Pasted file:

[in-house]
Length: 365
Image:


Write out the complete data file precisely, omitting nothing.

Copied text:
[in-house]
Length: 365
Image: